The Vreman SGS model is:

(5)

with,,. The model constant is related to the Smagorinsky constant by (in this paper). The symbol a represents the (3 ´ 3) matrix of derivatives of the filtered velocity. If a_{ij}a_{ij} equals zero, is consistently defined as zero. In fact, II_{b} is an invariant of the matrix b, while a_{ij}a_{ij} is an invariant of a^{T}a. If the filter width is the same in each direction, then D_{i}=D and b = D^{2}a^{T}a. Like the Smagorinsky model, [18] this model is easy to compute in actual LES, since it does not need more than the local filter width and the first-order derivatives of the velocity field.

2.4. Statistical Properties

A rigorous study of the statistical properties of compressible Richtmyer-Meshkov instability-induced turbulent mixing would need an average several numerical simulations. In practice, it is not possible yet because we are limited by the excessive memory requirements and long run times. So, hereafter, we use only the fine resolution simulation described. Nevertheless, mixing is assumed homogeneous along the transversal y and z direction. Averaged quantities are then performed along the directions

(6)

For incompressible flows, turbulent fluctuations of the quantity a are expressed as

(7)

On the other hand, for compressible flows, turbulent fluctuations of the quantity a are expressed within the Favre averaging framework

(8)

3. The SGS Dissipation and Molecular Viscosity Dissipation

In LES the effect of small scales on large scale motions is represented by the SGS stress model. Most of the commonly used SGS models assume that the main function of subgrid scales is to remove energy from the large scales and dissipate it through the action of the viscous forces [19]. It has been known for some years, however, that, on average, energy is transferred from the large scales to the small ones (forward scatter), but reversed energy flow (backscatter) from the small scales to the large ones may also occur intermittently. The most commonly used SGS model, such as the Smagorinsky model, is absolutely dissipative, i.e., it can only account for forward scatter. The other SGS model used in this paper, the Vreman SGS model, is also absolutely dissipative, but it is constructed in such a way that its dissipation is relatively small.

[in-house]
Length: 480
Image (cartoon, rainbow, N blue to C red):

The SGS dissipation, which is the work of SGS stress, represents the energy transport between resolved and subgrid scales, and is defined as [19,20]

(9)

If it is negative, the subgrid scales remove energy from the resolved ones (forward scatter); if it is positive, they release energy to the resolved scales (backscatter). It is easy to see that the eddy viscosity SGS models of the Smagorinsky and Vreman type are absolutely dissipative, because the eddy viscosity is always positive, and yet they are successful in predicting the production and dissipation of SGS energy. The total physical dissipation consists of the molecular viscous, the SGS and the numerical dissipations, but the numerical dissipation will not be discussed here. The absolute value of molecular viscous dissipation is defined as [20]

(10)

Figure 1 shows the instantaneous distribution of spanwise-averaged SGS dissipation and molecular viscous dissipation for different SGS models in x direction [21]. This is a RM instability experiment of the evolution of a rectangular block of SF_{6}, and conducted in AWE’s shuck tube [13]. As shown in Figures 1(a) and (b), the molecular viscous dissipation is two magnitudes smaller than the SGS dissipation, so the dissipation is not enough when only the molecular viscosity is considered in the simulation of turbulence. The SGS dissipation of Smagorinsky model is over 1.5 times greater than Vreman model. The dissipation is too great if the Smagorinsky SGS model is used. The SGS dissipation decreases with the turbulence developing. With the simulations, the SGS dissipation and molecular viscosity dissipation have been studied and analyzed. We can see that they have a similar distribution to the large eddy structures. The SGS dissipation is much greater than the molecular viscosity dissipation; the SGS dissipation of Vreman model is smaller than the Smagorinsky model.

4. Comparison of Experiments and Simulations